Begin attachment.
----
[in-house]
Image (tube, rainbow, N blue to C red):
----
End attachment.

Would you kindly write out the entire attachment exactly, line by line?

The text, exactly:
[in-house]
Image (tube, rainbow, N blue to C red):